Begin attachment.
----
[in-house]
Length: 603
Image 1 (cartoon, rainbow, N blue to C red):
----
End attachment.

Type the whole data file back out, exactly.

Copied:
[in-house]
Length: 603
Image 1 (cartoon, rainbow, N blue to C red):